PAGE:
What is a Michigan Bar Exam Appeal and How does it Work?

Michigan Bar Exam AppealWe don’t mean to be discouraging by posting this before Michigan bar applicants find out about results. However, you’ve probably heard about the possibility of “appealing” a failing Michigan bar exam essay score and you may be curious about how it works – for your own sake (if you’re nervous about your score!) or the sake of your friends that will decide to use the appeal process. This blog post will try to clarify what a Michigan bar exam appeal is and how it works. 

What is a Michigan bar exam appeal?

A Michigan bar exam appeal is basically a second shot at passing the Michigan bar exam without having to  actually take the bar exam again. Note that the appeals process only allows you to appeal your essay scores (not your MBE score).

Essentially, what happens is this: If you find out that you did not pass the bar exam, you will be permitted to request your essay answers from the Michigan Board of Law Examiners. The Board of Law Examiners will then send you all of the exam questions, the model answers to those questions, as well as your essay answers. They will also send you strict formatting requirements for your appeal as well as the deadline for when the appeal is due. It is imperative that you follow the directions given by the Michigan Board of Law Examiners very closely.

After you receive your essays, you will have a chance to review them and compare them to the model answers. If you feel that any of your essays were graded unfairly or inaccurately  you can choose to challenge those grades. You can either write the appeal yourself or have someone write it on your behalf (including us! – through the Heidemann law firm, which is owned by myself).

How do I format my Michigan bar exam appeal?

After you choose which essay questions to appeal, you will generally be instructed to divide your appeals up into five “books.” Book 1 will contain appeals of essay questions 1-3 (if any), Book 2 contains appeals of essay questions 4-6 (if any), (Book 3 contains questions 7-9, Book 4 contains questions 10-12, Book 5 contains 13-15).  Important: Check the instructions that are sent to you to ensure that you follow them closely – we are only saying how it has traditionally been done in the past! You will send all of these “books” of your appeals to the Michigan Board of Law Examiners at whatever address they instruct you to send them to. Then each book will be sent to the grader who wrote the question(s) you are appealing, and that grader will decide whether your score should be increased.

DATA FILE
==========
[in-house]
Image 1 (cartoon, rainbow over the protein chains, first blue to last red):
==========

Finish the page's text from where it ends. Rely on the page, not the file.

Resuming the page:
Thus, if you appeal questions 2 and 3, those will be in Book 1 and the member of the Board of Law Examiners who wrote those questions will re-grade your essays and see if he or she thinks you deserve more points. Note: The grader this time around will not be the same person who initially graded your essay answers. It is essentially a second set of eyes to review your work.

We have a detailed post on how to write a Michigan bar exam appeal for those who are interested in appealing their scores themselves.  We generally recommend that you  appeal answers to several essay answers (at least 7 essay answers) rather than just appealing one or two essay answers. This gives you your best shot at winning some points back. However, this also makes writing an appeal a time-intensive and laborious process.

Note that when you write an appeal, you will generally make one of two arguments: Either you will argue that your answer was very similar to the model answer and was not awarded enough points or you will argue that your answer a relevant point of Michigan law that was not in the model answer that you feel deserves points. Your arguments should be persuasive, have case law to back them up, and be respectful.

Appeals are not necessarily easy to win. I have seen students ask for 15 points back and get 2 or 3 on appeal (which is sometimes all they need!). However, I’ve also seen students ask for 20 points and get 0 back on appeal. For this reason, we do not think it is worth it for everyone who failed the bar exam to appeal their score – especially if several points are needed to obtain a passing score. (See this post on “Should I Appeal my Michigan Bar Exam Score?” if you’re wondering if you have an appealable score).

We will be posting more about Michigan bar exam appeals in the future, so stay tuned. Good luck to those still waiting for results!

If you have any questions about the appeals process, please do not hesitate to contact us at excellenceinlawschool@gmail.com or 248-228-5547. Find more information about our appeals process by clicking here. We are happy to answer any questions you may have and help you through this process. You can also visit our official Heidemann Law Firm Site by clicking here.

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